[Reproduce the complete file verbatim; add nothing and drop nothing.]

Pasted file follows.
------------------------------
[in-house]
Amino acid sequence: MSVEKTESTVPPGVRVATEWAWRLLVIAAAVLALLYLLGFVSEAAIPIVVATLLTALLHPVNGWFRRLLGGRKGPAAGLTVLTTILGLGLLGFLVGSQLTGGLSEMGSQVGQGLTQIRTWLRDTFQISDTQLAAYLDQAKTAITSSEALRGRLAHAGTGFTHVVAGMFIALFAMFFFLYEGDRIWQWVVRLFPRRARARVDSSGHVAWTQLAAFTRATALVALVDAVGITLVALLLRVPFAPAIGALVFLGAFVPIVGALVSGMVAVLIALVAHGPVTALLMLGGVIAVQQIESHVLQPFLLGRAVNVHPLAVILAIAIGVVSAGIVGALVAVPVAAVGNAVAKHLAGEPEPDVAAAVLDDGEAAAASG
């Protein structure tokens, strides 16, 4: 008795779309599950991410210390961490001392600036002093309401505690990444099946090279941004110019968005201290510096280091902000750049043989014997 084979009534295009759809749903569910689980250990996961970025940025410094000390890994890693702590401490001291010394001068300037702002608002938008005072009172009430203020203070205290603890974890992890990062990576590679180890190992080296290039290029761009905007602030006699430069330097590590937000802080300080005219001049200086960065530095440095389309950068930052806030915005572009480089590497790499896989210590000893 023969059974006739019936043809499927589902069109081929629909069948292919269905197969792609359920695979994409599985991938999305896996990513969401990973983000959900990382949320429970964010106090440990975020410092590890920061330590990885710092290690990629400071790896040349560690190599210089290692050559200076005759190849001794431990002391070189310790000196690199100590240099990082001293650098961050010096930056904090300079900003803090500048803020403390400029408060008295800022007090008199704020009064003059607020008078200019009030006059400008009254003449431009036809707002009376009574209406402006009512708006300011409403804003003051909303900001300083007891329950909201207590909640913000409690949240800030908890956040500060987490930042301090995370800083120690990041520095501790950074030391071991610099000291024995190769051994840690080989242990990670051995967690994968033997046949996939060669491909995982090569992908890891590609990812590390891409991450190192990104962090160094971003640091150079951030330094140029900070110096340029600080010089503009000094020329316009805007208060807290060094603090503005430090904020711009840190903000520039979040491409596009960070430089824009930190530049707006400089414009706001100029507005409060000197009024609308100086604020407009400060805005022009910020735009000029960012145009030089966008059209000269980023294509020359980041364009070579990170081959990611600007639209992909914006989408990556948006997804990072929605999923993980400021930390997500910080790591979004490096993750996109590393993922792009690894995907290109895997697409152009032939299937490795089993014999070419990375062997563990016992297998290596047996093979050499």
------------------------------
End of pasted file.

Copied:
[in-house]
Amino acid sequence: MSVEKTESTVPPGVRVATEWAWRLLVIAAAVLALLYLLGFVSEAAIPIVVATLLTALLHPVNGWFRRLLGGRKGPAAGLTVLTTILGLGLLGFLVGSQLTGGLSEMGSQVGQGLTQIRTWLRDTFQISDTQLAAYLDQAKTAITSSEALRGRLAHAGTGFTHVVAGMFIALFAMFFFLYEGDRIWQWVVRLFPRRARARVDSSGHVAWTQLAAFTRATALVALVDAVGITLVALLLRVPFAPAIGALVFLGAFVPIVGALVSGMVAVLIALVAHGPVTALLMLGGVIAVQQIESHVLQPFLLGRAVNVHPLAVILAIAIGVVSAGIVGALVAVPVAAVGNAVAKHLAGEPEPDVAAAVLDDGEAAAASG
């Protein structure tokens, strides 16, 4: 008795779309599950991410210390961490001392600036002093309401505690990444099946090279941004110019968005201290510096280091902000750049043989014997 084979009534295009759809749903569910689980250990996961970025940025410094000390890994890693702590401490001291010394001068300037702002608002938008005072009172009430203020203070205290603890974890992890990062990576590679180890190992080296290039290029761009905007602030006699430069330097590590937000802080300080005219001049200086960065530095440095389309950068930052806030915005572009480089590497790499896989210590000893 023969059974006739019936043809499927589902069109081929629909069948292919269905197969792609359920695979994409599985991938999305896996990513969401990973983000959900990382949320429970964010106090440990975020410092590890920061330590990885710092290690990629400071790896040349560690190599210089290692050559200076005759190849001794431990002391070189310790000196690199100590240099990082001293650098961050010096930056904090300079900003803090500048803020403390400029408060008295800022007090008199704020009064003059607020008078200019009030006059400008009254003449431009036809707002009376009574209406402006009512708006300011409403804003003051909303900001300083007891329950909201207590909640913000409690949240800030908890956040500060987490930042301090995370800083120690990041520095501790950074030391071991610099000291024995190769051994840690080989242990990670051995967690994968033997046949996939060669491909995982090569992908890891590609990812590390891409991450190192990104962090160094971003640091150079951030330094140029900070110096340029600080010089503009000094020329316009805007208060807290060094603090503005430090904020711009840190903000520039979040491409596009960070430089824009930190530049707006400089414009706001100029507005409060000197009024609308100086604020407009400060805005022009910020735009000029960012145009030089966008059209000269980023294509020359980041364009070579990170081959990611600007639209992909914006989408990556948006997804990072929605999923993980400021930390997500910080790591979004490096993750996109590393993922792009690894995907290109895997697409152009032939299937490795089993014999070419990375062997563990016992297998290596047996093979050499």